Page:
The False Claims Act – Health Care Fraud

For years, the bulk of recoveries under the False Claims Act (“FCA”) have been for actions challenging Medicare and Medicaid fraud.  Medicare and Medicaid lose an estimated $60 billion or more annually to fraud, making fraud on these programs one of the most profitable crimes in America.

Whistleblowers have helped the government recover billions of dollars from leading pharmaceutical companies, device manufacturers, and various medical providers.  Given the enormous volume of claims submitted under the Medicare and Medicaid programs, the federal and state governments are not sufficiently staffed to effectively detect the fraud and abuse perpetrated by dishonest physicians, healthcare providers and suppliers.  For this reason, whistleblowers have proven to be key participants in the fight against health care fraud.

Of the $2.9 billion recovered by the Department of Justice in 2018, $2.5 billion involved the health care industry.

Whistleblower reporting has led to billions of dollars in settlements of Medicare fraud cases and other health care fraud cases, with whistleblowers receiving up to 30% of these recoveries as a reward.  These cases involve, among other things:

  • Upcoding schemes that inflate medical bills by claiming patients require more expensive procedures than actually necessary
  • Misrepresentation of diagnoses to justify medically unnecessary services
  • Unlawful billing for procedures never performed or supplies never ordered
  • Self-referrals in violation of the Stark Law, when a physician refers certain services to an entity in which they have a financial stake
  • Pharmaceutical company fraud – Payments, also known as kickbacks in violation of the Anti-Kickback Statute, to physicians, physician practices, or hospitals from pharmaceutical companies or others in return for drug promotion or purchasing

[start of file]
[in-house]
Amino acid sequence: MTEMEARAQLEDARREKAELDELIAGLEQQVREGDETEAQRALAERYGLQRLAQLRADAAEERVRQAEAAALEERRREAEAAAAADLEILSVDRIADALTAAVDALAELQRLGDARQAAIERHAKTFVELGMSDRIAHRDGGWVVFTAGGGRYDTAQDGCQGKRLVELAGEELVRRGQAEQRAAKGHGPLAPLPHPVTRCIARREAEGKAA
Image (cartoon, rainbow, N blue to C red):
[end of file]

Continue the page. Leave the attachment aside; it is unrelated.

• Pharmaceutical company fraud – Off-label marketing by pharmaceutical companies, or the marketing of prescription drugs for purposes or to patients not approved by the Food and Drug Administration
  • Pharmaceutical company fraud – Safety issues in the production or distribution of prescription drugs
  • Pharmaceutical company fraud – Unlawful billing schemes that artificially raise the price of prescription drugs

The government has awarded whistleblowers millions of dollars in health care-related FSA cases:

Prime Healthcare: A whistleblower received approximately $17 million in connection with allegations that Prime Healthcare and its founder and CEO violated the FCA by its upcoding practices – admitting patients who required less costly, outpatient care and by billing for more expensive patient diagnoses than the patients had.

Health Management Associates (“HMA”): Multiple whistleblowers received awards totaling tens of millions of dollars in connection with allegations that HMA violated the FCA by billing government health care programs for inpatient services that should have been billed as outpatient or observation services, paying kickbacks to physicians in return for patient referrals, and submitting inflated claims for emergency department facility fees.

AmerisourceBergen: Several whistleblowers received an award of $93 million from pharmaceutical distributor AmerisourceBergen Corporation in connection with allegations it violated the FCA through its repackaging and distributing of pre-filled syringes not approved for sale or use by the FDA.

If you have information that you think amounts to health care or Medicare/Medicaid fraud, the whistleblower attorneys at Bernstein Liebhard can help. Contact Michael S. Bigin or Laurence J. Hasson for a free, confidential consultation.